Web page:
IMF chief Christine Lagarde warned Tuesday that crude oil prices may spike by up to 30 per cent if Iranian supplies were disrupted, causing "serious consequences" for the global economy.
The standoff between Iran, the world's second-largest supplier of oil, and the West over the Islamic Republic's nuclear program is seen as a flashpoint that could sharply increase world crude prices.
"Clearly it would be a shock to economies if there was a major shortage of exports of oil out of Iran, it would certainly drive up prices for a period of time," Lagarde told reporters in New Delhi, wrapping up a two-day visit.
The International Monetary Fund (IMF) has calculated that an interruption in oil supplies from Iran could increase oil prices by 20 to 30 per cent, said Lagarde, who arrived in India at the weekend from neighbouring China.
"A sudden and brutal rise in the price of oil" from Brent crude's current levels of $125 a barrel "would have serious consequences on the global economy" until other oil-exporting nations were able to bridge the gap, she added.
Iran has repeatedly rejected accusations by Western nations that it is developing an atomic bomb but the United States and the European Union have imposed stiff sanctions to persuade Tehran to abandon its nuclear programme.
Iran has threatened retaliation for tightening Western sanctions over its nuclear programme, including a possible disruption of shipping through the Strait of Hormuz, a Gulf chokepoint for global oil shipments.
Apart from concern over tensions with Iran, Lagarde said the world financial situation was not as grave as it was at the start of this year.
"We are further away from the abyss than we were three months ago," she said.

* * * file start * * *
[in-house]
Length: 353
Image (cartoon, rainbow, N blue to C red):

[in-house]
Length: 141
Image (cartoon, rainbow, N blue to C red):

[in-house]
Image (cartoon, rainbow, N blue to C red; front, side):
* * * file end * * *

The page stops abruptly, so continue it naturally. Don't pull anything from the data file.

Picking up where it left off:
Steps by the European Central Bank and some European countries had helped stabilise the overall situation, she said, but there were still areas "that need to be attacked with vigour", such as shoring up financial institutions.
"Financial institutions were high contagion agents for this crisis -- this tells us where reforms have to focus. Financial institutions have to be agents for growth, not a threat to growth," she said.
The latest global financial crisis had been a "huge catalyst" to get European political leaders to take politically unpopular measures to restore economic health in the eurozone, she added.
"Crisis was a major agent of change but you don't want to have to go there," Lagarde said.
For emerging market giant India, she said its priorities had to be development of its dilapidated ports, airports and other infrastructure in order to remove bottlenecks to economic growth.
Lagarde, who was in India to meet with Indian leaders, also said New Delhi needed to create a "business-friendly" environment to draw vital investment and narrow its ballooning fiscal deficit.
She praised India for pursuing fiscal consolidation in its budget last week, even though many economists have said New Delhi has not done enough to curb its massive subsidy spending